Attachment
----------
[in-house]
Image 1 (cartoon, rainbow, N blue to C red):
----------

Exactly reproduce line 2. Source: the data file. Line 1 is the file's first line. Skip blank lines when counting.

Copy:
Image 1 (cartoon, rainbow, N blue to C red):